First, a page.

Lamb Rogan Josh

Monday 20 August 2018

My Todd is very fond of a curry, so every now and then I make one for him.  I have a few Indian cookery books that I like to use if I am making one from scratch. Yes, I confess, often I will just use a good jarred sauce (Lloyd Grossman makes lovely sauces) but the other day I decided to make him a Lamb Curry from scratch and Lamb Rogan Josh is one of his favourites. 

Curry's are not all that difficult to make.  They are like stews really, but with completely different spices and aromatics than what you normally use in a stew.   

This one uses cubed lamb. Neck fillet if you can get it, or leg of lamb.  I find it most annoying that in the shops you can normally only get New Zealand lamb when we raise beautiful lamb right on our own doorsteps.  I adore British/Welsh lamb.  It is beautiful.  For this curry I used New Zealand leg of lamb, cubed. 

To begin you will need to make a curry paste.  This is as simple as bunging a few ingredients into a blender/food processor and blitzing them until smooth . . . coriander stems (cilantro), red chili, cumin and coriander seeds, paprika, turmeric and tomato puree.  Its very simple.

To start the curry off  whole spices (cinnamon sticks, cardamom, bay leaf and cloves) are  fried in a bit of oil until quite fragrant, which only takes a few minutes.  Then you add the onion and the lamb, quickly browning it off, and then adding some garlic and grated fresh ginger root.

Next, you stir in the curry paste that you have made, making sure that the lamb is well coated in it and then a quantity of water is added.  The lamb is then simmered until the juices reduce and thicken and the lamb becomes very  tender . . . this takes about 45 minutes or so.

Finally you stir in some thick yogurt which makes the sauce somewhat creamy.  Oh, but it is quite delicious.  Its not as mild as most of the curries I make, but its not blast your head off hot either.  Todd really likes it. 

I like to serve it with Pilau Rice and poppadoms.  Have you discovered poppadoms?  They are like Indian potato chips,  or thin crisp tortillas, except they are made from ground lentils and fried until very crisp.  I buy them ready made and heat them in the oven.  You can buy them plain or with flavours added, the most common being garlic and coriander.  That is that crisp bread you see on the side there. Oh but they are some good!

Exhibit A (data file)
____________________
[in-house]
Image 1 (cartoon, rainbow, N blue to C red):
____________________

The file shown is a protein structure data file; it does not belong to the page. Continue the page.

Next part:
*Lamb Rogan Josh*
Serves 4 

A moderately spiced curry from Kashmir in the North of India. This is an area which is famous for its aromatic and sumptuous curries! 

For the Lamb:
1 TBS peanut oil
1 (2 inch) cinnamon stick
5 whole cardamom pods slightly bruised
3 dried bay leaves
4 whole cloves
1 onion, peeled and chopped
600g lamb neck fillet, trimmed and cubed
2 cloves garlic, peeled and minced
1 2-inch piece of fresh ginger-root, peeled and grated
100g fat free natural yogurt (scant half cup)

For the curry paste:
1 bunch fresh coriander, leaves and stems separated
1 red chili, seeded and finely chopped
2 tsp coriander seeds, toasted and ground
2 tsp cumin seeds, toasted and ground
1 tsp black peppercorns, coarsely ground
2 tsp paprika
1 tsp ground turmeric
2 tsp garam masala
2 TBS tomato puree (tomato paste)
400ml water (14 fluid ounces)

First make the paste.  Put the coriander stalks, tomato puree, red chili, coriander seeds, cumin seeds, peppercorns, paprika, turmeric and garam masala into a small food processor.  Blitz to smooth.

Heat the oil in a large saucepan. Add the cinnamon stick, cardamom pods, bay leaves, and cloves.  Fry for 2 minutes until very fragrant.  Add the onion and lamb.  Stir fry for 4 to 5 minutes.  Add the garlic and ginger root.  Cook for a few minutes longer.  Stir in the curry paste and cook for a few minutes longer. Add the water, bring to the boil, then cover and simmer over low heat for 40 to 50 minutes until the meat is tender.  Stir in the yogurt. Garnish with the coriander leaf and serve.

A curry is a funny thing  . . .  you crave them, you make one and then you are happy not to have another one for a month or so until you start craving one again.   Over here they are quite traditional fare on Saturday nights or for eating after a pub crawl. My pub crawling days are long since over, but every now and then I do enjoy a good curry for our tea. This one makes a change from Chicken curry, and is moderately spiced.  Its very good.  Adapted from a recipe found on BBC Good Food.  Bon Appetit!


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